She watched the butterfly flap its wings against the window pain, trapped and frantic, trying to escape. It knew the outside world was on the other side of the glass, but could think of no way of getting out there.
“You’re like me little butterfly – imprisoned, with no means of escape.”
She’d been looking after her invalid mother for as long as she could remember. Neighbours called her a saint.
“We can all hear her screaming her orders at you, how do you stand it?”
A saint – they wouldn’t think that if they knew what went on in my head, she thought.
The butterfly pounded its wings, crashing from one pain of glass to the next.
“For God sake let that bloody thing out! Do you want it to drive me mad?”
She lifted her tired, aching body from the chair and unlatched the window, watching enthralled as her butterfly escaped, brilliant against the beautiful blue sky. She closed her eyes, trying to imagine it’s feeling of freedom.
“Close the damn window; do you want me to catch my death?”
Jerked back into reality she closed the window, resuming her seat in the stuffy room.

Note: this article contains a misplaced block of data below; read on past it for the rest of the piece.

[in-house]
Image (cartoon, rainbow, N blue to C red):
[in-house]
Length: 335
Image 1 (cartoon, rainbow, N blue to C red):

“Don’t sit down again you idle cow, get me a drink, I’m parched.”
She pulled herself up wearily and walked slowly into the kitchen, filled the kettle and stared again out of the window, looking for her butterfly. Then she saw it, happy and free, as it took nectar from the roses.
The kettle clicked off. She turned; the beauty of the butterfly still in her mind.
“Don’t forget my medicine Girl!”
She reached inside the cupboard for the crystal clear medicine and imagined the butterfly taking nectar.
“Freedom,” she whispered as she picked up the bleach.
She carried the tea in to her mother.
She too was a butterfly… on her way to freedom……